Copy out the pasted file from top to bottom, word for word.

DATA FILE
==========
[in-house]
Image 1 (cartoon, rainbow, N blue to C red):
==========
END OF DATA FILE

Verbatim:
[in-house]
Image 1 (cartoon, rainbow, N blue to C red):